Third Space is out and the Gourmetisserie is in. Instead of chef demos and lounging cushions, there will be themed food stalls and hands-on food stations. Charleston Wine + Food has revamped some key attractions at the Culinary Village, which takes over Marion Square the first weekend in March.
The Gourmetisserie references an old food court that once operated in the Market. (If you have memories of this place, please shoot us an email firstname.lastname@example.org).
Instead of baked potato bars and Orange Juliuses, the Culinary Village's food court will have stalls that are formatted with a concept broad enough to allow the chefs some creativity, says festival spokesperson Alyssa Maute Smith. Chefs will rotate shifts throughout the weekend.
An area called the Patio will have interactive experiences, where attendees can make something, say a barbecue rub, under a chef’s guidance and take it home with them.
Each quadrant of Marion Square will have food, beer, wine and cocktails, preventing people from having to walk from one quadrant to the next, via the public pathways, with an open container of booze.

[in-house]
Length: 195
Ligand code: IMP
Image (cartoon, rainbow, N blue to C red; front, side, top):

The Gourmetisserie will take up the northern quadrant of the square, near the Embassy Suites hotel, along with Grills and Grates (live fire cooking on Cowboy Cauldrons), a new rosé garden, and plenty of brews on tap.
The music stage returns with local bands alternating with live cooking demonstrations throughout the day.
The bookstore and retail tent will feel more like a coffee shop this time around with typewriter poetry from Marcus Amaker and book signings from participating chefs and beverage professionals.
The Biergarten, Corkyard and Artisan Market will remain pretty much the same as last year, with retailers mixed among food and drink offerings.
Tickets are still available for all three days of the Culinary Village with a discounted locals ticket ($75) on Sunday.